AANS Neurosurgeon | Volume 26, Number 2, 2017

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A Novel Anti-Cancer Chemotherapeutic Agent Inhibits Glioblastoma Growth and Radiation Resistance

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This potential chemotherapeutic agent to treat glioblastoma is a novel small molecule inhibitor.

 

Glioblastoma is a primary brain tumor with dismal survival rates, even after treatment with surgery, chemotherapy and radiation. A small subpopulation of tumor cells — glioma stem cells — is responsible for glioblastoma’s tumorigenesis, treatment resistance and subsequent tumor recurrence.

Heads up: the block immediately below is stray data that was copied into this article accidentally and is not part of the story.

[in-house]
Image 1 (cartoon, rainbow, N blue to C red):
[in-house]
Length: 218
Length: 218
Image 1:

A collaborative team of neuro-oncology surgeon/scientists — led by Ichiro Nakano, M.D., Ph.D., University of Alabama at Birmingham, and Maode Wang, M.D., Xi’an Jiaotong University, Xi’an, China — has discovered a unique and previously unidentified molecular mechanism that maintains glioma stem cells, and they have tested it as a potential therapeutic target in glioblastoma, using a novel small molecule inhibitor they designed and synthesized.

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